As previously reported, HSBC North America was rejected from paying dividends to parent HSBC for "qualitative" reasons relating to weaknesses in its capital planning processes. HSBC N.A. expects to resubmit its plan incorporating enhancements in its processes.
RBS CItizens (RBS), and Santander Holdings (SAN) were rejected from sending money upstairs for similar reasons, and will be resubmitting as well.
The Fed approves 25 out of 30 capital return plans from the nation's largest lenders, but rejects those from Citigroup (C), RBS Citizens, HSBC North America, Santander Holdings (SAN), and, of course, Zions Bancorp (ZION).
"You have to be the grit in the oyster, you have to be the person who asks the difficult questions," says "corporate philosopher" Roger Steare, aka "Weirdy Beardy," the man tapped by U.K. lenders like RBS, HSBC, and Barclays (BCS) to help improve banker behavior.
He's also been called upon by the U.K. Financial Conduct Authority which - after observing that banks simply circumvent many new rules - is trying a new tack: Stop making so many, and instead put the onus on banks to create self-regulatory work environments. "Red tape is more easily hurdled than principles," says FCA boss Martin Wheatley.
A former banker who quit because it was too boring, Steare eventually moved into executive coaching. "Banks are medieval institutions, they are not democracies," he says. "Their clients are the peasants."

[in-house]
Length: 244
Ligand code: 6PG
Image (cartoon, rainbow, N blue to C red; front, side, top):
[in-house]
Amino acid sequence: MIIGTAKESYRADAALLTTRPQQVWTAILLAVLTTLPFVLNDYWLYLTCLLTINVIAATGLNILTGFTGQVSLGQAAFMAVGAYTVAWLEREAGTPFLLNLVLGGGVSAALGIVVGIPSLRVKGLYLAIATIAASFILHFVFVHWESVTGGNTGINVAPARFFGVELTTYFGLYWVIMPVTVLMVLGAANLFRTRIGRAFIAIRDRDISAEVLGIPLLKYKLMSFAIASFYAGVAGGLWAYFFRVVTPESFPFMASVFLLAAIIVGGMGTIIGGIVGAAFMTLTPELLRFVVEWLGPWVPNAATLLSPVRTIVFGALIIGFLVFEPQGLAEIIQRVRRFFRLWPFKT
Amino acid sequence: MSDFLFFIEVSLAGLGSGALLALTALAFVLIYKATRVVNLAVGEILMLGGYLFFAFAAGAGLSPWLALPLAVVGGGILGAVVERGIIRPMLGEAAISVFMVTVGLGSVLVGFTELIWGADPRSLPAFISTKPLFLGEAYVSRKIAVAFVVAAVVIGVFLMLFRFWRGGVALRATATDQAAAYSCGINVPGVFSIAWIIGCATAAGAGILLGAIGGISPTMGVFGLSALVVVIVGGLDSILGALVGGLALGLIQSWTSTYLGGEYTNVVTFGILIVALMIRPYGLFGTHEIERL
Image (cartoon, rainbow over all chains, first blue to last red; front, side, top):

Playing down rumors of a possible deal to sell its U.S. retail unit to Sumitomo Mitsui Financial Group (SMFG +0.4%), RBS says its plan to begin the IPO process for Citizens in H2 remains on track. "That is our plan," says the bank.
The statement is in contrast with the vibe of new CEO Ross McEwan who has said he would consider offers for Citizens as RBS moves ahead with the IPO.
Sumitomo Mitsui Financial Group (SMFG -1.8%) has held discussions with Royal Bank of Scotland (RBS +2%) about purchasing RBS's U.S. retail operation - RBS Citizens - reports the WSJ. Citizens has nearly 1.4K branches and $122B in assets across 12 states, and its sale would be among the largest U.S. deals since the crisis, and one of the largest-ever purchases of a U.S. bank by a foreign company.
Citzens is a coveted target by acquisitive banks (TD has been rumored to have great interest), but RBS - despite being under heavy U.K. government pressure to raise capital - has been a reluctant seller. That attitude is starting to change, says the Journal, with new CEO Ross McEwan saying he wants to refocus the bank on its core U.K. market.